Nothing screams “I’m a bodybuilder!” like having a huge back. Ask anyone to imitate a bodybuilder and chances are they will hold their arms out to their sides and waddle around, insinuating their lat muscles are too big to put their arms down. Along with legs, building a big back is also a way to earn respect in the bodybuilding community. Why? Just as with leg training, proper back training is grueling, intense, and requires a fair bit of knowledge of exercise mechanics. You can’t half ass back training and end up with an Olympia-caliber back.
Tip #1: Learn Your Muscles and What Works for Them
My back happens to be one of my physique’s strongest attributes. I didn’t always have a great back, but I’ve always had a well thought out strategy as to how I was going to build a great back. That’s my main tip for building a good back: learn each individual back muscle and their function, what exercises work well for each, and how modifying the angles or positions of certain parts of your body affect the exercise.
Is this exercise going to thicken my lats? Should I feel this movement in my trapezius? How do I make my lats wider? You also want to determine what variations/grips emphasize certain areas of the back. What happens when you do a bent row with your elbows flared out to the side and pull to your sternum? What happens when you use an underhand grip and elbows in and pull to your waistline? All of these variables should be taken into account when trying to establish a good back routine.
You need to learn to plan a routine that stimulates all areas of the back: the trapezius, teres major/minor, rhomboids, latissimus dorsi, and the spinal erectors. Study exercise science, watch credible YouTube channels, or hire a professional to teach you proper movements and techniques.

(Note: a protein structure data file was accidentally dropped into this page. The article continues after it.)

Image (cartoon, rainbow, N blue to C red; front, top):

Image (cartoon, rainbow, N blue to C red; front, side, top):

Tip #2: Work on Mind-Muscle Connection
All of the knowledge in the world won’t build you a good back unless you can “connect” and “feel” the muscle working during an exercise. It’s simple to move the bar from point A to point B, but it requires skill in order to move the bar using primarily the targeted muscle.
For people who have trouble making a mind-muscle connection with back exercises, they should start light and slow, and attempt to feel the target muscle contract and stretch. Every set, increase the weight a little more, and continue to focus on the contraction and the stretch under the load. Begin your training sessions with movements you feel the most. When you have a pump in the designated muscle, it’s much easier to feel subsequent exercises.
Tip #3: Stress Heavy Free Weight Exercises
The foundation of your training should be around things like barbell rows, dumbbell rows, deadlifts, and pull-ups. It’s easy to get caught up using all of the fancy machines, but there is something about moving heavy slag iron that builds the biggest, thickest backs. Look at Ronnie Coleman and Dorian Yates—both rowed behemoth weights and both had some of the most dense, detailed backs of all time. Include free weight basics in your program, especially if you are just starting out.
Tip #4: Use Straps or Something Similar
This is bodybuilding; judges don’t care how strong your grip is. When rowing or pulling heavy weight, you don’t want your forearm strength to be the limiting factor of how far you can take your set. Typically, your forearms will give out before your back muscles do. Strap up and pretend your arms are hooks. Straps will allow you to forget about everything from the elbow down and you can simply focus on driving your humerus down/back into the fully retracted position.
Tip #5: Target Various Angles
Lastly, make sure you are pulling from a variety of angles and hand positions. You can’t fully train every muscle in your back by doing nothing but rows in a training session. You wouldn’t want nearly all of your back session to be overhead pulling either. Generally, I select about 2 rows and 2 overhead pulling movements, and end the session with a shrug variation. A typical back session for me looks like this:
Wide Grip Weighted Pull-ups: work up to 1 working set of 8 + a back off body weight set to failure
1-Armed Barbell Rows: work up to 1 working set of 8 on each side
Bent Barbell Rows: work up to 1 working set of 8
Medium Grip Overhand Pulldowns: work up to 1 working set of 8 + 2 drop sets to failure
Injuries are part of the game. The course of action you take when you're injured will depend on its severity. Before you throw in the towel on your entire prep, read Renee Jewett's article, "Training Around Injuries During Prep," because you might find some valuable advice on how to manage these unfortunate events.
IFBB Pro Joe Mackey had a strong 2021 season. As he gathers his thoughts and focuses on the road ahead, he documents everything for us in his latest article so that we can understand what's going through his mind. Be sure to check it out.